Robbie said that it was equal parts terrifying and exciting to tackle this prequel. I didn’t get video of the rest of Robbie’s chat with us, so I’m including here most of the rest of his interview because it was all equally fascinating!
Supernatural Didn’t End, We’re Just Pausing It
Robbie: When we did the 200th episode of Supernatural, it wasn’t my idea, but they said we’re doing a musical episode, and I was like, that’s terrifying – I wanna write it! When we were in that scary space, that was the sweet spot. Jensen says it all the time, Supernatural did not end, we’re just pausing it. It is my firm hope that he and the taller one put the boots back on someday and get back in that Impala, and we spoke very explicitly about not doing anything that would impede that or undo anything that fans have loved over the seasons.
He said he went back and watched ‘In The Beginning’, the episode where Matt Cohen and Amy Gumenick played John and Mary.
Robbie: the thing that struck me about it on the rewatch was the thing that struck me originally, which was who is this guy? That’s not Jeffrey Dean Morgan! Obviously a different actor, but the performance was so wonderful and so layered and interesting, I was like, something else was going on in this kid that predates Mary dying. The fact that she dies obviously is horrifying and traumatic, and there’s the Viet Nam trauma as well, but it sort of created a lane to be in. When I left Supernatural, Mary was being brought back, and it was the only thing that might have pulled me back in because I love the character and Samantha Smith is a great actress. And that was another character who someone put a knife in her hand at four. That’s a character I wanted to explore more of. I want to show the audience why they made some of the choices they made. She’s already decided to leave hunting in that episode, and that’s like a superhero life, it blew my mind when I saw it. But the decision tree that led to that seemed like a lane for us to explore. We have a great group of writers, David H. Goodman, and we all got excited about how do we find our lane from what existed and both amplify and shed new light on things the audience didn’t know about.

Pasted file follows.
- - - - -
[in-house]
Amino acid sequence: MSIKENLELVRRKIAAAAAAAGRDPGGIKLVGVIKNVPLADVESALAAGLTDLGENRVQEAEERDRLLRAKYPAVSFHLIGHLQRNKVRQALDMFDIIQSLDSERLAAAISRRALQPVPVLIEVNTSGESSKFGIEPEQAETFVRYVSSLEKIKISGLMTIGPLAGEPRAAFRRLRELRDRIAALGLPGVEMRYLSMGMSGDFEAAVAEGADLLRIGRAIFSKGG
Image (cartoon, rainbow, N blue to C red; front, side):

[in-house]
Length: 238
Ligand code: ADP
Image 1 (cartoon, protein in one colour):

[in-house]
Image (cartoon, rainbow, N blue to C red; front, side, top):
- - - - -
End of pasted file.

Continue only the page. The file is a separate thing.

He also said Millie is another character through which they do that exploration, and talked a bit about the casting process for John and Mary, acknowledging that Jeffrey Dean Morgan really put his stamp on the character.
Robbie: He showed up and it’s like oh, shit’s going down, dad’s home! Same with Sam, that iconic image of her is seared into your brain, so that was a challenge.
Robbie also said that Drake has a really fantastic perspective on John and his history and is really excited about playing that darkness. The Matt Cohen you meet is oh, I like that guy, then you meet Jeffrey and you’re like oh, that guy’s kinda scary! Being able to show that journey is fantastic and it’s a similar thing with Meg and Mary.